As well as implementing these community measures, Camellia has committed to implementing and developing Operational-level Grievance Mechanisms (OGMs) in both Kenya and Malawi, to:
- allow any future complaints of personal injury or human rights abuses to be resolved fairly, locally and quickly;
- enable investigations into the allegations and, as required, prosecution of, any offenders; and
- help strengthen relations with the local communities.
These OGMs will be developed and implemented, with wide-ranging stakeholder consultation, in a manner compliant with UN Guiding Principles on Business and Human Rights (UNGPs) and they will be reviewed, guided and overseen by a leading human rights consultancy. In addition, an independent monitor will also observe and report on the OGMs.
How is an Operational Grievance Mechanism “compliant” with the UNGPs?
OGMs perform two key functions regarding the responsibility of business enterprises to respect human rights:
- First, they support the identification of adverse human rights impacts as a part of an enterprise’s ongoing human rights due diligence. They do so by providing a channel for those directly impacted by the enterprise’s operations to raise concerns when they believe they are being or will be adversely impacted. By analyzing trends and patterns in complaints, business enterprises can also identify systemic problems and adapt their practices accordingly.
- Second, these mechanisms make it possible for grievances, once identified, to be addressed and for adverse impacts to be remediated early and directly by the business enterprise, thereby preventing harms from compounding and grievances from escalating.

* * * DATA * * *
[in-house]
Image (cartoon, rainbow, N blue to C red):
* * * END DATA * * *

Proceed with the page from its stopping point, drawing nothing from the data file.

Under the UNGPs, business enterprises should establish or participate in effective OGMs for individuals and communities who may be adversely impacted, to make it possible for grievances to be addressed early and remediated directly. OGMs should be accessible directly to individuals and communities who may be adversely impacted by a business enterprise. Indeed, under UNGP Principle 31, to ensure effectiveness in practice, OGMs should be:
- Legitimate: enabling trust from the stakeholder groups for whose use they are intended, and being accountable for the fair conduct of grievance processes;
- Accessible: being known to all stakeholder groups for whose use they are intended, and providing adequate assistance for those who may face particular barriers to access;
- Predictable: providing a clear and known procedure with an indicative time frame for each stage, and clarity on the types of process and outcome available and means of monitoring implementation;
- Equitable: seeking to ensure that aggrieved parties have reasonable access to sources of information, advice and expertise necessary to engage in a grievance process on fair, informed and respectful terms;
- Transparent: keeping parties to a grievance informed about its progress, and providing sufficient information about the mechanism’s performance to build confidence in its effectiveness and meet any public interest at stake;
- Rights-compatible: ensuring that outcomes and remedies accord with internationally recognized human rights;
- Based on engagement and dialogue: consulting the stakeholder groups for whose use they are intended on their design and performance, and focusing on dialogue as the means to address and resolve grievances.